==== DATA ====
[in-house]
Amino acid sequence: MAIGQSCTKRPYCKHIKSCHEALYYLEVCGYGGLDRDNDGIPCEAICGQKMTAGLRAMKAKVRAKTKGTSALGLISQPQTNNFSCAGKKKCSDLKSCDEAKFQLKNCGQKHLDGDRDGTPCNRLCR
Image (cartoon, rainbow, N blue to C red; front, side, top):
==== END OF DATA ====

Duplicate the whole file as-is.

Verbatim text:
[in-house]
Amino acid sequence: MAIGQSCTKRPYCKHIKSCHEALYYLEVCGYGGLDRDNDGIPCEAICGQKMTAGLRAMKAKVRAKTKGTSALGLISQPQTNNFSCAGKKKCSDLKSCDEAKFQLKNCGQKHLDGDRDGTPCNRLCR
Image (cartoon, rainbow, N blue to C red; front, side, top):